If you see Dark Water expecting a fright show, you may be disappointed. True, the film is a remake of a Japanese thriller directed by Hideo Nakata, and it is based on a novel by Koji Suzuki, both of whom were responsible for Ringu, the horror film that was remade in English as The Ring. And true, the film is about a ghost that haunts an apartment building and tends to express itself in dark puddles and splotchy stains on the ceiling. But the original film was more of a brooding psychological drama than a horror movie, per se, and the remake—directed by Brazilian auteur Walter Salles (Central Station, The Motorcycle Diaries) from a script by Rafael Yglesias (Fearless)—stays true to that vision.
The film begins in Seattle over 30 years ago. Young Dahlia (Perla Haney-Jardine) is standing outside her school, waiting for her mother (Hal Hartley veteran Elina Löwensohn) to come pick her up, long after all the other children have gone home; and when her mother does arrive, you can tell that she resents her child and regards her as a burden, at best. The film then jumps ahead to present-day New York. The grown-up Dahlia (Jennifer Connelly) is in the middle of a messy divorce from her husband Kyle (Dougray Scott), and she is looking for a place to live with their five-year-old daughter Cecilia (Ariel Gade), or "Ceci".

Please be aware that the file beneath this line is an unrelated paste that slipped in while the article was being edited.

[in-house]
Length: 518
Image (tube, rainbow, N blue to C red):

One of the cheaper buildings she checks out is an old and somewhat run-down apartment complex on Roosevelt Island that happens to be only two blocks away from one of the best schools in the city. Ceci doesn't like the dingy look of the place at first—when Dahlia optimistically compares the neighborhood's dense, claustrophobic architecture to a small town, Ceci demurs, "I like the big city better"—but ...1
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